About Alpacas

Lama Vicuna Guanaco

Alpacas (specie: vicugna pacos) belong to the family of the South American Camelids. The other family members are the wild vicunjas and guanacos and the domesticated, “beast of burden” the llama. All family members can interbreed and have fertile offspring.

The mix of male llama and female alpaca is called “Huarizo”. Alpacas come in two different fleece types, the Huacaya and the Suri. Huacaya alpacas produce a dense, soft, crimpy sheep-like fibre, and the Suri produces silky pencil-like locks, resembling dread-locks. Alpacas were domesticated by the Incas 6000 years ago.

While the llama was mainly used to carry goods in the mountains, the alpaca was bred for its fibre. Clothes from alpaca fibre were a sign of wealth. The ruling king had garments made from Vicunja, the finest and most valuable fleece of all.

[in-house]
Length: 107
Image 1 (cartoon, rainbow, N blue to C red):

After the intrusion of the Spanish conquistadores, sheep were brought into South America and the Indios with their Alpacas were more and more pushed onto the level heights of the Andes. As the Indios with their ancient history and culture were destroyed, so were the alpacas. Only recently the true value of the Alpaca and its fibre was rediscovered, leading to their export to the US, to England and Australia.

The worldwide population is estimated about 4 Millions, with the highest concentration still in Peru. Fine Alpaca fibre has become a sought after product in the Fashion industry.